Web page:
Prime

Type your tag names separated by a space and hit enter

Symbiogenesis, natural selection, and the dynamic Earth.

Abstract

One century ago, Constantin S. Mereschkowsky introduced the symbiogenesis theory for the origin of chloroplasts from ancient cyanobacteria which was later supplemented by Ivan E. Wallin's proposal that mitochondria evolved from once free-living bacteria. Today, this Mereschkowsky-Wallin principle of symbiogenesis, which is also known as the serial primary endosymbiosis theory, explains the evolutionary origin of eukaryotic cells and hence the emergence of all eukaryotes (protists, fungi, animals and plants). In 1858, the concept of natural selection was described independently by Charles Darwin and Alfred R. Wallace. In the same year, Antonio Snider-Pellegrini proposed the idea of shifting continents, which was later expanded by Alfred Wegener, who published his theory of continental drift eight decades ago. Today, directional selection is accepted as the major cause of adaptive evolution within natural populations of micro- and macro-organisms and the theory of the dynamic Earth (plate tectonics) is well supported. In this article, I combine the processes and principles of symbiogenesis, natural selection and the dynamic Earth and propose an integrative 'synade-model' of macroevolution which takes into account organisms from all five Kingdoms of life.

Links

  • Publisher Full Text
  • Authors+Show Affiliations

    Institute of Biology, University of Kassel, Heinrich-Plett-Strasse 40, 34109 Kassel, Germany. kut@uni-kassel.de

    Source

    MeSH

    Animals
    Biological Evolution
    Cyanobacteria
    Earth (Planet)
    Fishes
    Fossils
    Humans
    Mitochondria
    Models, Biological
    Models, Genetic
    Models, Theoretical
    Phagocytosis
    Selection, Genetic
    Symbiosis

    Pub Type(s)

    Journal Article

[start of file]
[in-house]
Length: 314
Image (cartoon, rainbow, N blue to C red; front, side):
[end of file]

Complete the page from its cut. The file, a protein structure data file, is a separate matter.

Research Support, Non-U.S. Gov't

    Language

    eng

    PubMed ID

    19399544

    Citation

    TY - JOUR T1 - Symbiogenesis, natural selection, and the dynamic Earth. A1 - Kutschera,U, Y1 - 2009/04/28/ PY - 2008/12/8/received PY - 2009/2/12/accepted PY - 2009/4/28/aheadofprint PY - 2009/4/29/entrez PY - 2009/4/29/pubmed PY - 2010/1/6/medline SP - 191 EP - 203 JF - Theory in biosciences = Theorie in den Biowissenschaften JO - Theory Biosci. VL - 128 IS - 3 N2 - One century ago, Constantin S. Mereschkowsky introduced the symbiogenesis theory for the origin of chloroplasts from ancient cyanobacteria which was later supplemented by Ivan E. Wallin's proposal that mitochondria evolved from once free-living bacteria. Today, this Mereschkowsky-Wallin principle of symbiogenesis, which is also known as the serial primary endosymbiosis theory, explains the evolutionary origin of eukaryotic cells and hence the emergence of all eukaryotes (protists, fungi, animals and plants). In 1858, the concept of natural selection was described independently by Charles Darwin and Alfred R. Wallace. In the same year, Antonio Snider-Pellegrini proposed the idea of shifting continents, which was later expanded by Alfred Wegener, who published his theory of continental drift eight decades ago. Today, directional selection is accepted as the major cause of adaptive evolution within natural populations of micro- and macro-organisms and the theory of the dynamic Earth (plate tectonics) is well supported. In this article, I combine the processes and principles of symbiogenesis, natural selection and the dynamic Earth and propose an integrative 'synade-model' of macroevolution which takes into account organisms from all five Kingdoms of life. SN - 1611-7530 UR - https://www.unboundmedicine.com/medline/citation/19399544/abstract/Symbiogenesis_natural_selection_and_the_dynamic_Earth_ L2 - http://dx.doi.org/10.1007/s12064-009-0065-0 ER -